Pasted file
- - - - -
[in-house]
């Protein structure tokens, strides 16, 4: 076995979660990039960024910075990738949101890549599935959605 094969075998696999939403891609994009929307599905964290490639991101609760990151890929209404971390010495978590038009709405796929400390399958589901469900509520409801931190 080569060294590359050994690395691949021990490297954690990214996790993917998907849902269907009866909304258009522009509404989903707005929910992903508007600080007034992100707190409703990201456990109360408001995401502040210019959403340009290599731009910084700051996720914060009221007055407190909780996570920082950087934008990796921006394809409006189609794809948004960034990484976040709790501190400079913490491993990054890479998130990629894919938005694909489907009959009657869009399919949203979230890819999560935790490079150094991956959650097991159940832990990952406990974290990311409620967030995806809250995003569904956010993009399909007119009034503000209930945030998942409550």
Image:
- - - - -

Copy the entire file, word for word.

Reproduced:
[in-house]
């Protein structure tokens, strides 16, 4: 076995979660990039960024910075990738949101890549599935959605 094969075998696999939403891609994009929307599905964290490639991101609760990151890929209404971390010495978590038009709405796929400390399958589901469900509520409801931190 080569060294590359050994690395691949021990490297954690990214996790993917998907849902269907009866909304258009522009509404989903707005929910992903508007600080007034992100707190409703990201456990109360408001995401502040210019959403340009290599731009910084700051996720914060009221007055407190909780996570920082950087934008990796921006394809409006189609794809948004960034990484976040709790501190400079913490491993990054890479998130990629894919938005694909489907009959009657869009399919949203979230890819999560935790490079150094991956959650097991159940832990990952406990974290990311409620967030995806809250995003569904956010993009399909007119009034503000209930945030998942409550």
Image: